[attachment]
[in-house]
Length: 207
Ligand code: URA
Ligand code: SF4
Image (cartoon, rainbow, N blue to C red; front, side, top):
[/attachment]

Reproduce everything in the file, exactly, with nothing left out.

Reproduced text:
[in-house]
Length: 207
Ligand code: URA
Ligand code: SF4
Image (cartoon, rainbow, N blue to C red; front, side, top):